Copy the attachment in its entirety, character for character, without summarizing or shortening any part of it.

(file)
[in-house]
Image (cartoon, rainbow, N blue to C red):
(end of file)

[in-house]
Image (cartoon, rainbow, N blue to C red):